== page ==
Snow is not necessarily my first love. However, from November’s first tentative flakes which are usually followed by the season’s first full-fledged blizzard, to that sneaky quiet midnight assault of eight new inches of the white stuff; I do admit to fondly recalling my youthful enthusiasm about the coming of winter. As a Times-News paperboy, I remember Sundays when I was greeted by the unshoveled, half-darkness of my scheduled early morning paper deliveries. I would never dare
complain to Dad, as the only comment he would give me would be, “Hey, kid you wanted that blasted paper route; not me.” But once out the door and delivering the 230 or so papers, it was really quite fun. This was a fact that I never let Dad quite realize.
Snow does give us a new world. It gives us time to contemplate as we gaze out the windows at it from the comfort of a family room where a roaring fireplace is toasting our feet. Snow bestows silence upon us. There is nothing as quiet (and beautiful) as a morning or late evening walk on Presque Isle after one of the quiet and sneaky snow storms that wander down the lakeshore. Surrounded by the cleanliness of fresh snow, people usually seem more optimistic than before; the stains of the land have just disappeared and now all is uniform, sharp in its monochromic look.
A snow-filled day is one that many of us dread. Perhaps this is because the biting cold weather and damp air tends to cause many of us to hibernate in our homes. But a snowy winter’s day can be a
wonderful break from the ordinary. There is nothing quite as delightful as meandering on Presque Isle on a late winter’s morning or afternoon. The air is crisp and bracing, carrying the sweet smell of nature on its gentle breezes. Trees are bare with black branches hauntingly silhouetted against a deep blue sky, or melting into a deep red Presque Isle sunset. A bright red Cardinal hops from snow crusted bush to snow crusted bush, softly chirping a tuneful song as he darts around the branches.
I remember as a child there was nothing better on a winter’s morning than waking up and finding school had been canceled due to heavy snow, and the rest of the day was mine to do as I please. As I have grown older, I have similar reactions but lean toward just reading a book or maybe catching up on some extra sleep or going for a leisurely walk. Can you tell I’m somewhat retired? Well, one-day-a week at the office still counts as a job.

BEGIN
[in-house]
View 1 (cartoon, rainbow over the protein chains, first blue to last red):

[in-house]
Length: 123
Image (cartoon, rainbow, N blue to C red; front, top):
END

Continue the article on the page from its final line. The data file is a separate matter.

I love to walk on Presque Isle, but truth be known, prefer to walk alone or with just one other person. I meander; power walking is not for me. I want to enjoy nature not run through it. As I wander about the park, I love the secluded trails. It is as though nature and I become as one. Patches of pure white windblown snow decorate the ground in unusual places and my boots crunch into their depths as I pass. Oops, there goes a Red Squirrel racing out ahead of me. He scurries up the trunk of a proud oak tree; its winding roots entrenched into the sandy soil that it has sat in for many bygone years. The world here looks fresh, smooth and unused. The nearly complete silence of a winter’s walk whether on Presque Isle, Asbury Woods or any other place away from the clatter of the city can be wonderful. I love to listen to the actual sounds of nothing other than the birds and wind.
Snow and winter also brings me a time of my best writing. It seems to be the only time of year that I can escape just enough to give my writing the time and focus it really deserves. I truly love sitting in our family room with coffee or hot chocolate and reading, researching and/or writing while gazing out our huge back windows as snow floats down. This to me is the quiet, solitude and peace I need to fill a sheet of paper with something that might just make some sense to anyone stumbling onto my reflections. Add a small dose of music to the creative mix, and the results always seem to improve.
I was thinking as I write this blog about the effects of global warming on our snowfall. Should I worry about global warming ending our snowy winters? Fortunately, despite worries about our warming planet, no one is predicting the end of snow anytime soon. In fact, some colder places will actually see more snow because warmer air can carry more moisture. I sure hope this is true. A serious change in the total snowfall could have some pretty adverse effects on the world as we know it. For example, the snowpack of the west is how we store water for the summer for half the United States; and its disappearing. This means less summer water for cities, agriculture and more chance of wildfires and serious changes in our ecosystems. Just look at the water levels on Presque Isle if you want to see what a loss of rain and snow can do.
As I said when I started this blog, snow is not my first love; however I do enjoy it most of the time. I just hate snow blowers, shovels and ice. My dad solved his problem by telling me that he didn’t put it in the drive, so he wasn’t going to take it away. Enjoy our snow and keep warm and dry.
Don’t forget the Thursday evening Resolution Walks on Presque Isle, it has been wonderful and very well attended each week. There are four 3-mile walks in February. Meet at the Ranger Station. There is no registration or fee involved with the walk. The walk kicks-off at 6:30 p.m. If you have not walk at night on the park, come on out and see what you are missing. Yes, dress for walking in the winter.
See you on the park!!
This post was written by admin